A recent article in the Huffington Post: “Kraft Singles Are Not Actually Cheese, But They’re Apparently a Health Food Now”. The author and many people in the nutrition world are incredulous that Kraft Singles are being endorsed as a “Kids Eat Right” healthy food choice by the Academy of Nutrition and Dietetics .
I did a little research into Kraft Singles to see if this indignation is warranted.
Ingredients from greatest to least and nutrition facts:
- Cheddar Cheese, Whey, Milk, Milk Protein Concentrate, Sodium Citrate
- Items that are less than 2% of product: Calcium Phosphate, salt (sodium chloride; don’t forget the sodium in the Sodium Citrate), Lactic acid, Annatto and Paprika (for color), Natamycin (a mold inhibitor), enzymes and cheese culture.
- Nutrition facts for a 19 gm (2/3 ounce) slice: 60 calories, 3 gm protein, 200 mg sodium and 200 mg calcium
How does this compare to natural cheddar cheese (I used Tilamook Medium to compare). Ingredients and nutrition facts:
- Cultured milk, salt, enzymes and Annatto (for color).
- Nutrition facts for a 19 gm slice: 75 calories, 4.74 gm protein, 115 mg sodium and 135 mg calcium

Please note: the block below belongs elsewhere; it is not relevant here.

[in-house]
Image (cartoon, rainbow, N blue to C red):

My biggest concern about the Kraft Singles is their high sodium content (9% of the daily recommended for a healthy adult, 13% of that for a person with hypertension or diabetes, but only 3% of typical caloric needs for a day). With more and more research showing that a high sodium diet increases risk for high blood pressure, and damage to internal organs, I’m encouraging all my clients to avoid processed foods as much as possible. Kraft Singles does contain more calcium than natural cheese–that is due to the extra milk solids that Kraft adds; that does not make up for the extra sodium.
Taste? To MY tastebuds, natural cheese is far superior–but everyones’ taste buds differ. If a person is used to a very salty diet, a food that is saltier will taste better–with decreased salt over time, less salty foods will taste just fine.
Do I think the Academy of Nutrition and Dietetics should have given this their “Kids Eat Right” seal of approval? NO!
How about plain milk, fresh or frozen fruits, vegetables, plain or low sugar flavored yogurts, beans, lentils……There are far better candidates for the “Kids Eat Right” seal of approval than Kraft Singles.